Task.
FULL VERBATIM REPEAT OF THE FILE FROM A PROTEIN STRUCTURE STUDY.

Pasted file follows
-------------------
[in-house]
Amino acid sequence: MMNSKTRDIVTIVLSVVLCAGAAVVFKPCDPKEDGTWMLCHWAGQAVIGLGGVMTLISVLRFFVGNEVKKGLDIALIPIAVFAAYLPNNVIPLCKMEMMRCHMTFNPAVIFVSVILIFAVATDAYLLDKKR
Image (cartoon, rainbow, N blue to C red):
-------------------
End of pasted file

[in-house]
Amino acid sequence: MMNSKTRDIVTIVLSVVLCAGAAVVFKPCDPKEDGTWMLCHWAGQAVIGLGGVMTLISVLRFFVGNEVKKGLDIALIPIAVFAAYLPNNVIPLCKMEMMRCHMTFNPAVIFVSVILIFAVATDAYLLDKKR
Image (cartoon, rainbow, N blue to C red):